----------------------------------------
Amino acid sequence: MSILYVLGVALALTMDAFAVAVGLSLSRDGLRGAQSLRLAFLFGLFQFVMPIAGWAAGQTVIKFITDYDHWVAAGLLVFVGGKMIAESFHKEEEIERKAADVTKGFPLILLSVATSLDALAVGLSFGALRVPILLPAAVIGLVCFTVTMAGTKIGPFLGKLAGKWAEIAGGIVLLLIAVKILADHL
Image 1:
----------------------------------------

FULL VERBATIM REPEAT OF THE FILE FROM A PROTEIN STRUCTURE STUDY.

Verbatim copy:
Amino acid sequence: MSILYVLGVALALTMDAFAVAVGLSLSRDGLRGAQSLRLAFLFGLFQFVMPIAGWAAGQTVIKFITDYDHWVAAGLLVFVGGKMIAESFHKEEEIERKAADVTKGFPLILLSVATSLDALAVGLSFGALRVPILLPAAVIGLVCFTVTMAGTKIGPFLGKLAGKWAEIAGGIVLLLIAVKILADHL
Image 1: